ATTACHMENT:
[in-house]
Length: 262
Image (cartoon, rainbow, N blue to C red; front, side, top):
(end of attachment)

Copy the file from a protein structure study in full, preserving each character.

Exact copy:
[in-house]
Length: 262
Image (cartoon, rainbow, N blue to C red; front, side, top):